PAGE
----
My design is based on a Victorian baby’s Bootee pattern from a book I found in the National Museums Scotland library, where I work: Scrivenor, M. Elliot. Collection of Knitting and Crochet Receipts. John Paton, Son and Co., Alloa, 1896. It has a lovely cover:
This is the Frontispiece:
We have other Victorian knitting books in the library, but what particularly struck me about this book was the photos. It was wonderful to see the kind of clothing you would expect to see in a Victorian period drama, and realise it was possible to make them from these patterns. This Child’s Hood feels like it just stepped out of a Charles Dickens novel:
I thought it would be great to have a go at knitting or crocheting something from the book, and I loved the stitch pattern in this Baby’s Boot:
So I gave it a go. Using 2mm double pointed needles and some Drops Lace yarn I had by from making a shawl. I only made one, and this is what it turned out like:
Very sweet. The stitch pattern was remarkably easy to knit, and was based on a rib stitch pattern. I immediately thought it would make a lovely ladies’ sock pattern. However, I had a lot of problems working the crochet edging on the sock to the instructions, it just came out too tight and the scallops looked too gathered compared to the original photo. The photo above shows my second attempt at the edging, I had to adapt the instructions to make it look similar to the original, but still it was a tight and inflexible cuff. I knew I was going to have to try something else for the sock cuff.
There were quite a few adaptations that needed to be made, as a baby’s bootee has different functions to a ladies’ sock. The original had moss stitch over the sole and toes, fine for a baby’s foot, which would not touch the ground, but a bit lumpy for an adult to walk on; so I changed the sole and toes to smooth stocking stitch, but retained the moss stitch for the side gussets:
I thought a reinforced heel would be more practical for an adult sock, but chose pheasant’s eye stitch as it had a similar feel to the original moss stitch. I liked the ribbon around the ankle in the original pattern, but moved it to the cuff, where it could be seen for decorative effect on an adult sock. I used a thicker yarn, 4ply sock yarn, as lace weight would not wear well for adult socks.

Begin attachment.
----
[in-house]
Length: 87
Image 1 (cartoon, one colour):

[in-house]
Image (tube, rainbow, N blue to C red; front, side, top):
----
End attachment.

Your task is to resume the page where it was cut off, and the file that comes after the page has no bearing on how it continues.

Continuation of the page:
As the original cuff had been problematical in crochet, I experimented with a combination of knit stitch patterns to create a similar effect. The cuff edging stitches are based on the Victorian cabbage patch edge stitch, which uses staggered cluster stitches to create the effect. To help the cuff edge remain stretchy I used a provisional cast on, which removed a firm cast on edge. The cuff edging is then knitted up from the provisional stitches after the rest of the sock has been knitted.
I was inspired by the original book to choose red yarn for the socks. Most of the patterns in the book specified what colour yarn was used, probably because the book was produced by a yarn manufacturer. Looking through the patterns I was surprised to find that red was often used for underwear, like these Knickerbocker Drawers:
I just loved the idea that respectable looking Victorian ladies and gentlemen could be keeping their nether regions warm by clothing them in a saucy red colour! Babieswear was more muted though, this is the start of the pattern for the bootee I knitted:
The original book has been reprinted and is now available to buy online. Perhaps you will be inspired to knit some red knickerbockers for yourselves…
Or have a go at my Victorian inspiration from the book – Evangelina is available in S,M,L ladies sizes directly from Knitty or through Ravelry. I hope you enjoy knitting and wearing it.
While I was away in Venice my friend took a couple more photos of Evangelina, as I felt I needed more summery photos as it was going in the Spring/Summer issue, (it was originally intended for the Winter issue). Here are the photos:
Can you see me wincing with the cold?!
Thanks to Lara Armitage and S.Miller for the use of their photos.